The box set of the Arc of a Scythe series, written by Neal Shusterman.
The box set of the Arc of a Scythe series, written by Neal Shusterman.
Image/Graphics by Braeden Salter

Neal Shusterman’s Arc of a Scythe Series Cuts Deep

Neal Shusterman shows why a perfect society may never be possible when human nature takes over in his Arc of a Scythe book series.

I’ve never been a big reader. Books have always put me off because most were quite uninteresting. My perspective switched when I started reading Neal Shusterman’s Arc of a Scythe book series. The series contains three different books. Those being Scythe, Thunderhead, and The Toll. I’ll first be looking into Scythe, our first real look at the world Shusterman spent three books expanding upon. 

The world of Scythe is quite different from our world now, taking place far away in the future, after the establishment of an all-powerful AI known as the Thunderhead. The Thunderhead allowed humanity to defy death. Of course, with nobody dying, overpopulation would set in very quickly. To combat this, humanity created the Scythedom. The Scythedom is a society of trained killers who are tasked with keeping the population at sustainable levels. These killers, or Scythes, are highly respected in society. Most of them are above the law and outside of the jurisdiction of the Thunderhead.

Scythe mainly focuses on two people, Citra Terranova and Rowan Damisch. These two people become an apprentice of Scythe Faraday, a highly respected Scythe who had been around for many years. Citra and Rowan eventually take different paths in their training, which leads to the two training under two different Scythes with very different ideas on what gleaning (or the act of killing to cull the population) should be. A key point in these books is the politics behind gleaning.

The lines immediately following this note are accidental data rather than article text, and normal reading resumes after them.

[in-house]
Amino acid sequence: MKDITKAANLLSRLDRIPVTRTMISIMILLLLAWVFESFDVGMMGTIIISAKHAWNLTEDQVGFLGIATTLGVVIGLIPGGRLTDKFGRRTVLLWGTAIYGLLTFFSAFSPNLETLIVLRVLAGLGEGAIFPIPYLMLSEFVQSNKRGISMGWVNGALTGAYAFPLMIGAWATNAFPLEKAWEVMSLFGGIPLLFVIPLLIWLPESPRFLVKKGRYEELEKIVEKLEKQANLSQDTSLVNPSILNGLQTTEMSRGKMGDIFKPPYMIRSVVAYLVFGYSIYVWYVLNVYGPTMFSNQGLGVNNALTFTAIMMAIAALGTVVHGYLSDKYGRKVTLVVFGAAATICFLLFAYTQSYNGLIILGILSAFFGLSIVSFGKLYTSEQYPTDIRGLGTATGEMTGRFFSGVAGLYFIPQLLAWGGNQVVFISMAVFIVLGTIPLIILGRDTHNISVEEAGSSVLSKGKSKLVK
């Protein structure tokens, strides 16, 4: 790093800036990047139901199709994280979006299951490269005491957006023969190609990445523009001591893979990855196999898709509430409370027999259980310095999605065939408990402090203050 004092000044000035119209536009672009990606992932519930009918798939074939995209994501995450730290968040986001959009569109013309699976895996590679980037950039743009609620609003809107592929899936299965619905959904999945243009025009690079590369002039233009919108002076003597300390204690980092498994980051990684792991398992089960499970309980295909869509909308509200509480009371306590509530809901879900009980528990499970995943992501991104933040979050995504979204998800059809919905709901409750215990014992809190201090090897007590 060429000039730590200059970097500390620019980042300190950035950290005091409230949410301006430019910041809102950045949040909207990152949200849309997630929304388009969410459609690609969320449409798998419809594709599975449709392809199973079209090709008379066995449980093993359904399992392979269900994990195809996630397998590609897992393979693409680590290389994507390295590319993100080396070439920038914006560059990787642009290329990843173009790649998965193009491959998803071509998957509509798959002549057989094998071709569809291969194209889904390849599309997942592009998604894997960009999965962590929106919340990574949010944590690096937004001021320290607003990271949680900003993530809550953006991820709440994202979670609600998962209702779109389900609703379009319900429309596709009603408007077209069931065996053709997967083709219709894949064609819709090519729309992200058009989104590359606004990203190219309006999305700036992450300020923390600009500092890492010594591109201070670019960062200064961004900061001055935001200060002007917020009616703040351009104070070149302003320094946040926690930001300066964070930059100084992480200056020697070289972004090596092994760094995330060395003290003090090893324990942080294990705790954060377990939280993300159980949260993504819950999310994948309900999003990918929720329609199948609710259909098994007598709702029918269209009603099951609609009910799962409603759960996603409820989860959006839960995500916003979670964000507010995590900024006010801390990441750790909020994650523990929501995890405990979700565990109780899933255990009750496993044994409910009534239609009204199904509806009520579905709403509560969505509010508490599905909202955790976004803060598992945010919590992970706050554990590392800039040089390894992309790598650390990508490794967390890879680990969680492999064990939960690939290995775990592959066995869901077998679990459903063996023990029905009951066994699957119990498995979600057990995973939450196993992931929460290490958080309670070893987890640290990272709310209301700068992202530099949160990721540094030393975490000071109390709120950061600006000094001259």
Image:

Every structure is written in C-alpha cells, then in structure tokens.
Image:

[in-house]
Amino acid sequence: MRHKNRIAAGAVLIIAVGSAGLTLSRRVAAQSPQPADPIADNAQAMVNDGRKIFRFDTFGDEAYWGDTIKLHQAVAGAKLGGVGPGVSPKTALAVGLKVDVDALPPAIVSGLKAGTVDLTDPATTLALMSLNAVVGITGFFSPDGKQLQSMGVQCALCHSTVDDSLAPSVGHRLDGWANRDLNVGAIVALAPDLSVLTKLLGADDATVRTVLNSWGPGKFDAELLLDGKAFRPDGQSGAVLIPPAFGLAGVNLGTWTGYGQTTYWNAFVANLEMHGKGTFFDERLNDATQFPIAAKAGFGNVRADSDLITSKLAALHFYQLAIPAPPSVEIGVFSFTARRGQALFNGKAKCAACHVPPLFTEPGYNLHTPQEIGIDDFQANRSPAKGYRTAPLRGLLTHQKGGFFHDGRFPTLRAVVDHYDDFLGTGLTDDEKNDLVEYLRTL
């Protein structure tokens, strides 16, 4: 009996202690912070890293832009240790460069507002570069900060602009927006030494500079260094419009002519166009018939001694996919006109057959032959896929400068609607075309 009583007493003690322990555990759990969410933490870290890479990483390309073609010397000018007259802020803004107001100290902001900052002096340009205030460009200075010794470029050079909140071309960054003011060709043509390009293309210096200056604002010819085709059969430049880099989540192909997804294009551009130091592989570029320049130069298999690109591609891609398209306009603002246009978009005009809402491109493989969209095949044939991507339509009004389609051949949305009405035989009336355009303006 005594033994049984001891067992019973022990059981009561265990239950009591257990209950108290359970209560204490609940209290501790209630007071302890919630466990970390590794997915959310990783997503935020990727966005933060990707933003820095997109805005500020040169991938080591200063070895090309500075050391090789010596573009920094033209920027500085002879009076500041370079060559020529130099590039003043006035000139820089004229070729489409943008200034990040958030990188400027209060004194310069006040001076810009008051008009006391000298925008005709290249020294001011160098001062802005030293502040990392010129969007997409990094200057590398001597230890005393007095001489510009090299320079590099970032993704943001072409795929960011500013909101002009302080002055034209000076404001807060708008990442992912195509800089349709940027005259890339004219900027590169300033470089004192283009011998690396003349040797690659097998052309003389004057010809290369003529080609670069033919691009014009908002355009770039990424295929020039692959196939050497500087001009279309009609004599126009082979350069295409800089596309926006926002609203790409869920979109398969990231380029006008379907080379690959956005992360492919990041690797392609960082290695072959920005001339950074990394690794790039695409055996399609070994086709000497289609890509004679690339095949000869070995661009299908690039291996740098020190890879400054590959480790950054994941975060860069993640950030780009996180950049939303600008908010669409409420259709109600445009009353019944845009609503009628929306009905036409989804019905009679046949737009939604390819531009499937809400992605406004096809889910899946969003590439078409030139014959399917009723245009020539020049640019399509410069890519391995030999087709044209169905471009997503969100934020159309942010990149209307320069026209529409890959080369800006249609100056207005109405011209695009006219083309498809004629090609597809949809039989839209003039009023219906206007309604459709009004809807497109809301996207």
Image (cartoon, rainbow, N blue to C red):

I adore almost everything about Scythe. The way third person limited perspective is used is impeccable and allows for the reader to be left in the dark outside of whatever the character they are following at that moment is experiencing. Shusterman leaves just enough in the dark to make you think you know what’s going to happen next, then pulls the rug out from underneath you revealing some big twist or major event. The ending manages to satisfy those who only want to read the first book while enticing those interested in continuing the series further. Fellow student Jacob Alexander agrees, saying “The book is great. It is insanely detailed with both characters that were easy to love and easy to hate.”

The second book Thunderhead takes place a year after the events of Scythe. While Scythe focuses more on the Scythedom and the politics within, Thunderhead broadens its horizons. While still centrally focusing on the Scythedom and the power struggles within, it attempts to show more of this dystopian world that Rowan and Citra find themselves in. 

This book introduces a new main character, one who spends much of the book struggling because of one thing or another. Greyson Tolliver is a teenage boy who spends most of his life being raised by the Thunderhead. When a plan is created for Greyson to dive into the unsavory lifestyle, it cuts off his access to direct communication with the Thunderhead. He spends most of this book attempting to protect Citra. Citra and Rowan both start to become very infamous within the Scythedom for very different reasons.

This book is a fantastic continuation of the story in Scythe. The stakes are higher than ever and our characters are facing more dangerous situations. The way Shusterman subtlety increases tension and allows for the danger to shine through truly is astounding. Thunderhead is my favorite book of the trilogy and is a near-perfect sequel in my eyes. 

The Toll is the final book in this trilogy and my opinion is the weakest. I won’t discuss the plot much as it is nearly impossible to mention anything that happens without spoiling the ending of Thunderhead, but I will say I believe it is a great continuation of the story. It focuses more on a character present in Thunderhead and offers thrilling moment after thrilling moment. My only real problem with this book is the ending. While it does offer a finite conclusion, it doesn’t close up many of the plotlines in a satisfying way and leaves much to be desired. Still, I loved The Toll and as a whole is a very good read.

The Arc of a Scythe Series is fantastic overall and is a must-read for anybody who even remotely likes literature. I’d even recommend it to those who don’t like reading as much. The world built in this series is somehow realistic while being filled to the brim with fantasy elements. I love these books to death. I would give Scythe and Thunderhead a perfect 10/10 score and I’d give The Toll a strong 9/10. Please seek out these books if you have any interest in dystopian literature, you won’t regret it.

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